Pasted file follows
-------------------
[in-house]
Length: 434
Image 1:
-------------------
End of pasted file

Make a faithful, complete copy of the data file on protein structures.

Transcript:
[in-house]
Length: 434
Image 1: